With his smuggled premises  of  “I could waved away [the philosophy of Atlas Shrugged]  like flies unworthy of discussion“  but it‘s unnecessary, the film‘s not worth it :“I don’t have a game to pitch” , he now sets the stage.

Ebert begins to establish for the reader that Atlas Shrugged declares “me first, the hell with the rest”, the standard drivel of Rand’s critics who can’t be bothered to form coherent counter to her actual ideas.

With a class warfare driving  wink and a nod to what he presumes will be an eagerness by his audience to lap up the snide, Ebert complains about scenes of “people sipping their drinks in clubby surroundings and exchanging dialogue that sounds like corporate lingo“.

One must presume that we are to blank out on the fact that this is a story celebrating creativity and the producers who make a living from theirs, including the creativity of the corporate giant?

He ruminates about “railroads, and lots of ’em“, glossing over the reality (and hoping we will) that a principle hero of the story runs a railroad, and that the story revolves around her keeping her life’s work alive.

One would ordinarily presume, that  in context ( if one cared for such things as cinematography, plot, or consistency) that a railroad in front of the camera would be crucial.

Ebert complains of “limousines driving through cities in ruin and arriving at ornate buildings“ , thus establishing that the heroes of the film are wealthy (and of course he then needs not discuss how they became wealthy, what it is they are doing to keep that wealth — or why)

He let‘s us know “for the rest of us” unfamiliar with the novel that the heroes of the film spend time engaged in “business meetings in luxurious retro leather-and-brass board rooms and offices, and restaurants and bedrooms that look borrowed from a hotel no doubt known as the Robber Baron Arms“.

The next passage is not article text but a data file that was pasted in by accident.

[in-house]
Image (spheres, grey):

This establishes that these rich types — these “robber barons” — may be correctly dismissed with scorn, if not condescendingly ignored.  Ebert has even thrown in his historical nod to the “gilded age” that many love to hate, just to make his point crystal clear.  With his good ole boy “for the rest of us” embrace, he warmly lets us know, “hey, it’s you and me against this.”

This “review” then sets the final point deemed by Ebert worthy of noting, telling us that the excitement of the main plot “centers on the tensile strength of steel“.  We can imagine Ebert asking, “who would find steel exciting?”

Mr. Ebert, you are better than this.  Where’s the discussion of camera work, costuming, set design, or you know — plot?

These are all things which go to the action and tone of a film.  Of course good old Rog told us at the outset that he had no interest in reviewing a film. He wanted to talk ideas, hoping the film would provide “a parable of Ayn Rand’s philosophy that I could discuss”.

The venerable Roger Ebert did discuss said parable, a parable of his own design.

He got to do it without having to deal with the mundane, impossibly unwelcome and unenviable task of discussing the philosophy out in the open.  It appears that Ebert felt it was unnecessary to provide his thoughts in a manner that is, as a trade, open for rebuttal and further inquiry.

Someone should tell “professional critics” that moral intimidation and condescension do not equate with analysis.

Pretense is not persuasion, sarcasm is not substance.

Today’s moviegoer is too intelligent to be duped by disingenuous “come with me pal” “we’re better than this” smear that pretends to be objective review.


One response to “And the reviews are in….

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  1. “Today’s moviegoer” spent over $170 million on “The Hangover 2” in its first weekend at the box office. I doubt that they are “too intelligent.” People will just have to judge “Atlas Shrugged” for themselves.